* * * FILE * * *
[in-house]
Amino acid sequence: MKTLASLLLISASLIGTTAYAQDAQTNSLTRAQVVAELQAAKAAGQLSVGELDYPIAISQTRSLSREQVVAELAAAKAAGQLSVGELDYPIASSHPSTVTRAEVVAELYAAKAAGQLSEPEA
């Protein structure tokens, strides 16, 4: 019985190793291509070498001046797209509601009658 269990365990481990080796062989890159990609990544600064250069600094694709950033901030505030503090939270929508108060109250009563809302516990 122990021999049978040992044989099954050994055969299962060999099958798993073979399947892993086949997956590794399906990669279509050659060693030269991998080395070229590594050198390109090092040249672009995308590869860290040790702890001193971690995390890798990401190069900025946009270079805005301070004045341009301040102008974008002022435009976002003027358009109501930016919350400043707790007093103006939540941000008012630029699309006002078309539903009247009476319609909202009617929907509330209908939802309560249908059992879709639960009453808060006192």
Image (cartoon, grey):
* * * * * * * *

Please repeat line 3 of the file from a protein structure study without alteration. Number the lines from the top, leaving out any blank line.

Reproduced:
């Protein structure tokens, strides 16, 4: 019985190793291509070498001046797209509601009658 269990365990481990080796062989890159990609990544600064250069600094694709950033901030505030503090939270929508108060109250009563809302516990 122990021999049978040992044989099954050994055969299962060999099958798993073979399947892993086949997956590794399906990669279509050659060693030269991998080395070229590594050198390109090092040249672009995308590869860290040790702890001193971690995390890798990401190069900025946009270079805005301070004045341009301040102008974008002022435009976002003027358009109501930016919350400043707790007093103006939540941000008012630029699309006002078309539903009247009476319609909202009617929907509330209908939802309560249908059992879709639960009453808060006192």